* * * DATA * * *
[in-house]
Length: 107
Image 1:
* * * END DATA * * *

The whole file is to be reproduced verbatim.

[in-house]
Length: 107
Image 1: